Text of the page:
Teaching Today’s Students How to Learn Students enrolled in college today are, in many respects, quite different from students enrolled a few decades ago. Learners today seem more focused on being credentialed and less concerned with gaining a deep understanding of the principles taught in their courses. Faculty may find it challenging to provide engaging ... Article
Article  |   October 01, 2002
Teaching Today’s Students How to Learn
Author Affiliations & Notes
  • Saundra Y. McGuire
    Center for Academic Success Department of Chemistry, Louisiana State University, Baton Rouge, LA
  • Dennis A. Williams
    Minority Educational Affairs and Academic Services Department of English, Georgetown University, Washington, DC
Article Information
Professional Issues & Training / Attention, Memory & Executive Functions / Articles
Article   |   October 01, 2002
Teaching Today’s Students How to Learn
SIG 10 Perspectives on Issues in Higher Education, October 2002, Vol. 5, 3-5. doi:10.1044/ihe5.2.3
SIG 10 Perspectives on Issues in Higher Education, October 2002, Vol. 5, 3-5. doi:10.1044/ihe5.2.3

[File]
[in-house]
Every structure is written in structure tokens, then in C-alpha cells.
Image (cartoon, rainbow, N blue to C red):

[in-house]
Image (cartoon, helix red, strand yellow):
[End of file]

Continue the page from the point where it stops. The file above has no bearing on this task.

Students enrolled in college today are, in many respects, quite different from students enrolled a few decades ago. Learners today seem more focused on being credentialed and less concerned with gaining a deep understanding of the principles taught in their courses. Faculty may find it challenging to provide engaging learning activities for this generation of students. However, educators must instill in students a desire to think critically and provide them with strategies that will make them more efficient learners. This can be done if both faculty and students understand the nature of the learning process and are equipped with strategies to increase the amount of meaningful learning, as opposed to rote memorization that often takes place in university courses.
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